Mon père était d'avis d'attendre que la canonnade fût finie pour passer par Hanau. Dieu sait combien il y eut de prisonniers faits dans ce maudit passage ! J'ai donc eu une heureuse idée; sans
compter que des chutes dangereuses étaient à craindre dans ces terrains et ces fossés remplis d'eau
et de neige fondue qu'il nous fallut traverse. Juge de mon inquiétude. J'avançais à cheval derrière
mon père ; mais comme ce cheval, nouvellement dressé et monté d'abord par le domestique, était
accoutumé à suivre l'autre, je dus rapidement descendre ; une neige abondante et continuelle tombait depuis cinq heures du matin ; mes vêtements devinrent si lourds, mes membres si engourdis,
que je restais comme cloué. Il était une heure après minuit. Aucun des soldats du régiment polonais
qui se trouvait avec nous ne voulut s'arrêter ni nous porter secours; comme l'autre bord du fossé
était moins escarpé et plus facile, pour retirer mon père, qui jusque-là n'avait donné aucun signe de
vie, je passe la planche, tremblant que mon cheval ne glisse aussi et ne tombe sur l'autre; la bride
bien serrée, sans perdre courage, de toutes mes forces, je le traîne jusqu'à l'autre bord, aussi saisi
que moi ; je descends le glacis et aperçois mon père se débattant au fond d'un fossé. Comme j'observais tous ses mouvements ! Enfin, après l'avoir retiré trempé, je l'aide à remonter à cheval; mais le
cas pressait; à tout prix, il faut sortir de ces gorges ; quand, cinq minutes après, il put parler, je respirai. Mon père en fut quitte pour une contusion tout le long de la jambe droite, encore noire aujourd'hui, et une joue un peu meurtrie par les embrassements du cheval. Moi, je n'ai eu qu'une violente peur. Tu demandes si mon père a perdu de l'argent : il a heureusement sauvé quelques louis et
sa montre d'or ; tout le reste a disparu. Nous ne prîmes notre guide que le lendemain ; après avoir
erré pendant huit heures environ, nous trouvâmes des officiers de dragons qui eurent pitié d'une
telle détresse.
A cette lettre, le père ajoute un post-scriptum : « Il ne nous est resté à chacun que la chemise que
nous avions sur le dos. Celle d'Auguste était en lambeaux, et, sur l’invitation des Strasbourgeois, il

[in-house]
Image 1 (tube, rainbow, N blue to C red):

vient d'en faire hommage ; elle est, peut-être, en ce moment, entre les mains d'une belle dame qui
en fait de la charpie ; c'est à qui se distinguera dans ce genre d'occupation.......”
Lettre d’Auguste Paruit d’Esmery soldat agé de 17 ans.
........”En 1810, l’Anglelcrre avait arraché à Napoléon l'Ile de France, française depuis 1718, que Paul
et Virginie avaient rendue si célèbre et si chère ! Il fallait y conserver notre langue, nos mœurs,
notre sang et notre dœur. Une partie de la famille maternelle de Victor Hugo y est restée établie. Les
habitants, demeurés fidèles à leur métropole, y appelaient de tous leurs vœux des consolateurs, des
renforts. Mes deux oncles (Auguste et Henry Paruit d’Esmery), entraînés par un mouvement irrésistible, partirent sur La Nancy (j'ai lu le journal de la traversée), pour l’lle de France, redevenue
île Maurice. Mais cette terre africaine les dévora, comme Sainte-Hélène dévora leur Dieu, Napoléon. Henry survécut à son frère, se maria là et y a laissé des descendants; mais Auguste, au moment de revenir en France, mourut d'une fièvre maligne à Port-Louis, capitale de la colonie, en
juillet 182 1, à vingt-quatre ans, suivant de près dans la tombe Napoléon et y précédant de peu de
mois son père. Il m'a souvent été raconté que mon grand-père, déjà très affaibli, à la nouvelle de la
perte de son fils sentit tout désir de guérison perdu ; que, un matin, surprenant un journal oublié
près de son lit, où était racontée la mort de l'Empereur, qu'on lui avait cachée, lui qui souffrait de la
même maladie, il laissa retomber sa tête sur l'oreiller, en sanglotant ; il ne se voyait plus de raison
de vivre, quoiqu'il eût blâmé l'ambition du conquérant; il ne fît plus que languir, et peu après s'éteignit. “
Raconté par le neveu Alexandre de Roche du Telloy.
Note: Auguste Paruit d’Esmery était le frère de Henry Paruit d’Esmery (arriere grandpère de Madeleine Philippe.)
Mauritius Australia Connection